Cartooniverse, now at the 15-Days-To-EMT-Card-Countdown

Thanks for you comments, all! Many great truths were brought out. I think one of the great problems is that routine has tremendous inertia. And everyone is fearful of risking the wrath of the corporation that pays the salary. Including myself. I do remember thinking (or rationalizing) to myself during all this that “I am the most experienced and knowledgable person here as regards public health and safety. I have ultimate responsibility for patient care here. My actions are appropriate and defensible.” So even I was worried about rocking the boat.

I’m still interested in seeing how this all plays out, and if I hear anything about it. I’m certainly not indispensable, but I am a key player in the current organizational setup, which is also something I reminded myself of during my decision-making process.

But there was also a bit of a thrill in just taking charge, and having everyone fall in line behind me, and do what I told them. OK, more than a bit. So much different from the behavior of my patients. :slight_smile:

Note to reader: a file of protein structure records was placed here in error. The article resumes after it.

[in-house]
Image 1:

Qadgop

“If there’s anything in this room more important than my ego, I want it taken out and shot!”
Zaphod Beeblebrox

The security officer was misinformed. It’s not a security risk (ok, it might be, but that’s not the reason he should have given you), it’s a fire hazzard. Don’t ask me why, that I don’t remember. I just know that was one of the things I learned when I was working in (commercial) property management. I had to enforce that rule a few times myself.

Oh, I think I remember why. The doors in commercial buildings (at least ours) were fire-rated. They could withstand the heat and the flames more than your standard residential door. Therefore if a fire started and your door was propped open the fire would be able to just sweep in the open doorway. But if you kept it shut, then you’d have a better chance of surviving a fire until the FD arrived.

Once upon a time, I was in Indianapolis with a group of about fifty Air Force enlistees holed up in a cheap motel waiting for a bus to the airport, thence to Lackland AFB (don’t ask- I flunked out of basic training, it was a painful experience I don’t like to talk about)but this diffusion of responsibility vs. take charge discussion reminded me of something.